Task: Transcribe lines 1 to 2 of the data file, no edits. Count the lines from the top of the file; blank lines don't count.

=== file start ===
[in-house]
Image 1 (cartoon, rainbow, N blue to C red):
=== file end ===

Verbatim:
[in-house]
Image 1 (cartoon, rainbow, N blue to C red):